If you feel benevolent and particularly generous, this writer always appreciates things bought for him from his wishlist

Sunday, 18 September 2011

Being The Marriage Equality Party-Pooper Is Never Popular

I hate feeling like the Cassandra (whether my prophesies come true or not!) of the marriage equality fight. With each positive step forward made, I'm there to piss off everyone else by saying "Well this simply isn't good enough". 

I suppose it stems from what happened when civil partnerships were introduced. I was simply horrified at the implications of such a separate but equal institution whilst everyone I knew was busy celebrating and moving on. The insults and abuse (and I'm not over-egging that, four letter words and all) I got from the pro-civil partnership side for daring to question why we didn't have marriage equality was intense.

Ultimately I feel (rather self-consciously) vindicated by the direction the debate has taken in the last two years. But now I can't let go of the fact that true marriage equality is within our grasp, and yet it constantly seems to be slipping away. 

Yesterday's announcement of a consultation regarding the legislation of civil marriage was a marvellous step forward (said through gritted teeth as always, sorry!), especially considering this is coming from a Government dominated by Tories. On blogs and Twitter there was plenty of a criticism from people who aren't me, which means at least I'm not alone in my opinions, and plenty of criticism of them for being such miserable bastards. I can understand the cries of "can't you just be happy?", I really can. There are practical suggestions as well such as this over the continuing ban on same sex religious marriage from Lib Dem Voice's comments feed:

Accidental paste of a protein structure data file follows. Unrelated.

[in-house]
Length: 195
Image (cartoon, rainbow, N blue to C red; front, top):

It is a realistic solution. Be imaginative. If the Unitarians want to marry gay couples then every few weeks they can designate their church to not be a religious venue for a few hours. Whatever. But fundamentally I don’t care about arguments between the religions about what should and shouldn’t be allowed in their respective temples. We have proper problems that we should be spending our time fixing, not that.
A work around! It makes so much sense, and then we don't need to bother with our silly little worries about equality, etc. 

The failure of this consultation is two-fold in my view and whilst there are always work arounds (hell, we could get a blessing and civil partnership now and then why bother with any further legislation?!), I think the failure is important enough for people to at least acknowledge it's short comings. 

1) the lack of scope to consider the future of civil partnerships (something last year's consultation on civil partnerships failed to fully do) leaves the transgendered communities concerns over legal continuation of partnerships after transition only half solved. The similar lack of scope on allowing religious communities to carry out marriage is almost criminal. This lack of scope does not feel me with confidence that this will be actual marriage equality but instead will be "gay marriage" under separate legislation as is the case in South Africa (where at least they have a tradition of different legal types of marriage to make them seem almost acceptable). 

2) the presentation of the announcement suggests to me this is where the line is now being drawn, just as with civil partnerships back in 2004 and that there's no planned further push in the Government's mind. Which leaves the question hanging for another few years at least. 

I think Lynne Featherstone summed up how "finalised" this all is in her speech yesterday when she, without sign of sarcasm announced:

I will be raising the issue with Governments all over the world and will continue to push everyone, from allies to adversaries, to recognise what we know is true:
That Gay Rights are Human Rights.
No excuses, no exceptions, no compromises.